The identity theory of the gay Republican is different. We can talk all we want about assuming that gay Republicans are self-haters or rely on contrarian social theory that posits that some gay people say they are Republicans because they think it's pretty cool to be different from the herd. Those are caricatures of gay Republicans and only foster divisions within our community. 

Instead, I think it is a matter of degree. Most gay persons see themselves as gay voters, voting for President Obama and our Democratic allies because they, not the Republicans, are protecting our rights, recognizing our equality, and actually moving the levers of government to enshrine those rights. Gay Republicans like to say that "being gay is only a small part of who" they are, that they, like everyone else, are concerned about the debt, jobs, and foreign policy. Their identities are no less thickly constituted than ours. It is just that their gayness makes up a smaller portion of that identity.

There are several explanations for this, and self-hate and contrarianism do play a role. But we cannot ignore the fact that gay people, like every other person, are subject to a multitude of community ties. Some are bound to be stronger than others because of unique facts of a person's background and goals. And, we should respect those personal journeys that are different than ours.

However, this notion of gay identity for gay Republicans is a losing idea. If it is legitimate at all, it is describing fewer and fewer members of our community. It emptiness is the reason why Sean Patrick Maloney and Tammy Baldwin, two openly gay candidates who embrace their identity, won, and why Richard Tisei and Carl DeMaio, two gay Republicans who claimed over and over that their gayness means very little to their political ideals, lost. And, I think there are three reasons why. One reason concerns politics, the second reason concerns messaging, and the third reason concerns the underlying failure of gay Republican identity.

M_romneyFirst, the 2012 election gave us an unprecedent choice between, on the one hand, a man and party -- President Obama and the Democrats -- that have actually done many great things for the gay community, and, on the other hand, a man and a party -- Mr. Romney and the Republicans -- that want to take away our rights. Previously, our community looked to progressive candidates like Michael Dukakis, Bill Clinton, Al Gore, and John Kerry who either never talked about gay rights or gave half-hearted vocal support to a particularly palatable gay rights issue only to frustrate us while in office (in the case of former President Clinton).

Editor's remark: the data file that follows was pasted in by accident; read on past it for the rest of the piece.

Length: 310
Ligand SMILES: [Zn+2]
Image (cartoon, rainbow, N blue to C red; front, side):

We had the choice between the bad and the not so bad, the guy who hated us and the guy who probably didn't hate us but who couldn't talk about us because of what it would mean for his election prospects. As Mr. Socarides said, the world is different now. President Obama and the Democrats are proudly wearing their support for the freedom to marry and other gay rights causes because it will bring them votes. But, again, it's more than that. The President hasn't just spoken about his support for our community; he's done something about it, supporting the freedom to marry, stopping the Defense of Marriage Act, keeping binational couples together, giving us hospital visitation rights, supporting our service members' right to serve openly, and so on.

In a world where one candidate gets an A and the other candidate gets a D on gay rights, gay identity has to mean more to a vote than when the two candidates get a C and D. Our sexual orientation matters less when the choices are more fungible because our various identities are more fungible with respect to how the candidates represent us.

Second, gay Republican insistence on endorsing Mr. Romney was a messaging problem that damaged their credibility. That so many of us see our social identity as essential to our political identity, openly flouting that identity by endorsing a candidate so brazenly opposed to our social identity showed gay Republicans to be craven and only out for political posturing in a possible Romney administration. As it happened, Romney lost, makig the Log Cabin and GOProud endorsements irrelevant. Their role in the party could only shrink.

DadtAnd, that's a shame. The Log Cabin Republicans have been strong allies in some of our most important struggles over the past few years. They challenged "Don't Ask, Don't Tell" and their victory in Log Cabin Republicans v. United States most likely pushed the military and the legislative branches into faster and comprehensive action on repeal. Log Cabiners helped pass the freedom to marry in New York, working alongside the HRC and all of us who met with Democratic and Republican officials and reaching across the aisle to their contacts in the Republican party.

We need a vibrant, strong gay community in the Republican Party. Ignoring their identity to endorse a Republican who wanted to take away their social rights made them look foolish.